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The Department of Foreign Affairs and Trade urges Australians to reconsider their need to travel to North Korea. It’s Australia’s second-highest travel advisory warning. The United States has always taken a tougher approach. Last year it banned US passport holders from travelling to North Korea, with exemptions for humanitarian and media work. And now it’s stepped up its warning with some scary new language. It’s possible for many travellers to venture inside Kim Jong-un’s enigmatic country — but they’re advised against it. Picture: AFP/Ed JonesSource:AFP The US State Department warned Americans this month to start planning their funeral and write a will if they wanted to proceed with plans to holiday in the hermit kingdom. In the midst of escalating nuclear tensions between North Korea and the US , the State Department kicked up its travel warning to the rouge nation to advisory level 4 — “do not travel” — which is the most serious warning on the scale. And as part of that level 4 warning, the State Department suggested travellers with special dispensation to travel to North Korea — and perhaps those planning to head there anyway — heed the following sobering advice. “Draft a will and designate appropriate insurance beneficiaries and/or power of attorney,” the State Department said on its recently updated website. Photograph released by North Korea’s regime shows Pyongyang residents greet officers of the Hwasong-15 missile test launch in Pyongyang on December 8.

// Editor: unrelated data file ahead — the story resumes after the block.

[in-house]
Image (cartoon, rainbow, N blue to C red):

For the original version including any supplementary images or video, visit https://www.news.com.au/travel/travel-updates/incidents/us-tells-travellers-to-plan-their-funerals-before-north-korea-holiday/news-story/3f80b73203b167d194e09da0ace03934
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The elevators, however, remained as slow as they had been 18 years earlier. With Pompeo’s uncertain schedule, the Koryo lobby, bookstore, luxury goods market, coffee shop and traditional Korean restaurant were Carol’s and my base for the next nearly 13 hours while he met and lunched with North Korean officials and finally left for closed-door talks with Kim, just an hour after receiving confirmation that the meeting was, in fact, on. We waited for news over endless cups of coffee. The bookstore offered some respite. It sold treatises by Kim Il Sung, North Korea’s founder and the current leader’s grandfather, and by Kim Jong Il on their life and politics. There was also a book of anecdotes about Kim Jong Un that had a chapter on the importance of well-fed dolphins. Postcards depicting North Korea’s military might — missiles raining down on a geographic feature adorned with the Stars and Stripes and the Statue of Liberty under siege — were big sellers, according to the clerk. Dollars, euros, yen, Chinese yuan all happily accepted, she said. But essentially we had a long, boring wait. Eighteen years ago, it was the appearance of a German aid worker, Norbert Vollertson, who seized on the rare presence of foreign correspondents to risk expulsion by illegally driving one of them out of town to show him squalid living conditions and human rights abuses. He was later deported.
For the original version including any supplementary images or video, visit https://www.boston.com/news/politics/2018/05/12/traveling-with-pompeo-on-secret-mission-to-north-koreaทัวร์เกาหลีราคาถูก ทัวร์ ญี่ปุ่น เม ย 2561